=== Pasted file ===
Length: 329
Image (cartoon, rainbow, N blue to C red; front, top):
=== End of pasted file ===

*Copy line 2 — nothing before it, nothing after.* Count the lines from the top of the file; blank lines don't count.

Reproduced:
Image (cartoon, rainbow, N blue to C red; front, top):